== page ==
parure

noun

pa·​rure pə-ˈru̇r How to pronounce parure (audio)
: a matched set of ornaments (such as jewelry)

Examples of parure in a Sentence

Recent Examples on the Web The pearl tiara is part of a married parure, which includes matching pearl earrings, as well as a brooch featuring a large diamond and pearl cluster, according to fan blog The Court Jeweller. Sabienna Bowman, Peoplemag, 15 May 2024 The partnership unveiled a parure co-designed by the maison’s co-president and artistic director, Caroline Scheufele, and Julia Roberts, Chopard’s global ambassador. Rachel Besser, Vogue, 10 Mar. 2024 The Queen was gifted a dazzling aquamarine and diamond necklace and earrings from the president of Brazil in honor of her coronation in 1953, and the tiara made the parure complete. Janine Henni, Peoplemag, 7 Aug. 2023 The sinuous creature served as the inspiration for a new high jewelry parure from Cartier, called Sand Aspis. Laura Casey, WSJ, 30 May 2023 Which means there had to be jewels—real and costume—created, sourced, and commissioned for suites, parures, and stomachers, to pin onto bodices and to sprinkle in hair. Leena Kim, Town & Country, 12 May 2023 Macklowe Gallery’s antique Victorian 15K gold demi-parure comprising pendant earrings and a pendant brooch with chain is set with over 10.00 TCW of cabochon almandine garnets. Beth Bernstein, Forbes, 3 Jan. 2023 The late queen had worn the parure for two consecutive state banquets, for President Xi Jinping of China in 2015 and for President Juan Manuel Santos of Colombia in 2016. Leena Kim, Town & Country, 22 Nov. 2022 Banquet in Malta, the Duchess of Cornwall once again went for the Greville Tiara, but this time wore it with her pink topaz demi-parure. Chloe Foussianes, Town & Country, 27 Sep. 2022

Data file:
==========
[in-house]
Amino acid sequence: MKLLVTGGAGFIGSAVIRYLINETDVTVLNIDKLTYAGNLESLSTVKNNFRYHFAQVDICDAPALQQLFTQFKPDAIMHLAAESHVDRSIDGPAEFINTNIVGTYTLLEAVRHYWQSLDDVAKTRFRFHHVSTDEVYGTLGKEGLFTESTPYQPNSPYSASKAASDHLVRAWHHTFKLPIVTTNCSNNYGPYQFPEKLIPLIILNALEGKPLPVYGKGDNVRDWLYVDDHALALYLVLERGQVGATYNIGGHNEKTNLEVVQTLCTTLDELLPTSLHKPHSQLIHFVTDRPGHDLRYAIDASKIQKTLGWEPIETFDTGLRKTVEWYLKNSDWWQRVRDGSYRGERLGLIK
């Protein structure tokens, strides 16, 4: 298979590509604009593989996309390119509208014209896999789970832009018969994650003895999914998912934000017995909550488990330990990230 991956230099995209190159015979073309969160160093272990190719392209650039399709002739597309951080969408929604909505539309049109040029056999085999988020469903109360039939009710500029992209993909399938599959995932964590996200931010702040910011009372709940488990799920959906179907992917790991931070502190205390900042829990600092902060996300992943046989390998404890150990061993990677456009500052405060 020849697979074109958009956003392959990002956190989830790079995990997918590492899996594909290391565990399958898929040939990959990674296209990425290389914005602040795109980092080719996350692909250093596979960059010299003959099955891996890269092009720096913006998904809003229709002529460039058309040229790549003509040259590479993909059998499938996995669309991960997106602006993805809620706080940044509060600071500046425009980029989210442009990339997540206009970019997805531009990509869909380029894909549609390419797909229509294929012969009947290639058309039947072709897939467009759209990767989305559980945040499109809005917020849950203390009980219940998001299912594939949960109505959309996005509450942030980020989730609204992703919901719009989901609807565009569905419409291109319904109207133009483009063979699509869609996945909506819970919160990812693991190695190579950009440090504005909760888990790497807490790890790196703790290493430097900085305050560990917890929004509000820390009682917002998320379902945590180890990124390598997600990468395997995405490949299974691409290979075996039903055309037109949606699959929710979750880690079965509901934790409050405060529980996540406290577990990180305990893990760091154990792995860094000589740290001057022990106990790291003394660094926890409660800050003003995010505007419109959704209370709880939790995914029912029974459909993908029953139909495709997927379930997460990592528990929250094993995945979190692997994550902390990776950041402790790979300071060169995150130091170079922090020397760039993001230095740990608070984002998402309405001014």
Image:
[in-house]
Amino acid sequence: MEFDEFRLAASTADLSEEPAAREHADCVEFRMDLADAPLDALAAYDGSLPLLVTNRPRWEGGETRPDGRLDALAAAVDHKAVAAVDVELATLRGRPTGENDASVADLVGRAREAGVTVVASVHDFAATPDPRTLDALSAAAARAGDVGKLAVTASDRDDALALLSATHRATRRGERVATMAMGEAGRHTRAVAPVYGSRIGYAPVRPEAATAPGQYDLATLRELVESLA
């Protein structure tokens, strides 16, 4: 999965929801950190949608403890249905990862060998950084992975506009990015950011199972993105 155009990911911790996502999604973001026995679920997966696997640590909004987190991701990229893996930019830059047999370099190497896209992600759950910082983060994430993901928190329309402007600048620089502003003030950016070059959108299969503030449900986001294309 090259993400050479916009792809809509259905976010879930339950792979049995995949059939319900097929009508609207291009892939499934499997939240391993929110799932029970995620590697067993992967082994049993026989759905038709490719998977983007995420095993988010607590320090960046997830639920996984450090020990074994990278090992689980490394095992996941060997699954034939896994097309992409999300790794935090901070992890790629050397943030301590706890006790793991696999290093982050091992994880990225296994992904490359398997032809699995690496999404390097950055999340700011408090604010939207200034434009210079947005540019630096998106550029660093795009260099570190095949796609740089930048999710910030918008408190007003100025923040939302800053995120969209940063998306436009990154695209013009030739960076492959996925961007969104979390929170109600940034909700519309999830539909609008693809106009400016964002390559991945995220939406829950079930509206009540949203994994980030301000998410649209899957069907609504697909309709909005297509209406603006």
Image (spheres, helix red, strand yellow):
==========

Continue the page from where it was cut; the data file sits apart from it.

These examples are programmatically compiled from various online sources to illustrate current usage of the word 'parure.' Any opinions expressed in the examples do not represent those of Merriam-Webster or its editors. Send us feedback about these examples.

Word History

Etymology

borrowed from French, "adornment, ornament, matched set of jewelry," going back to Old French pareure "ornament," from parer "to prepare, adorn" + -ure -ure — more at pare

First Known Use

1818, in the meaning defined above

Time Traveler
The first known use of parure was in 1818

Dictionary Entries Near parure

Cite this Entry

“Parure.” Merriam-Webster.com Dictionary, Merriam-Webster, https://www.merriam-webster.com/dictionary/parure. Accessed 14 Jun. 2024.

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